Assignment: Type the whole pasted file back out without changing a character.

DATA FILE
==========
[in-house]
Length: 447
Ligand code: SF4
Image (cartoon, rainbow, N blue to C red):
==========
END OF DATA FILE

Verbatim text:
[in-house]
Length: 447
Ligand code: SF4
Image (cartoon, rainbow, N blue to C red):